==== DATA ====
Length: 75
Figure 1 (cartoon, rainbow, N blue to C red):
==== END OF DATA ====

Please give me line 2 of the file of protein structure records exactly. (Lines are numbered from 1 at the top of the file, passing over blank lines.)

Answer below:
Figure 1 (cartoon, rainbow, N blue to C red):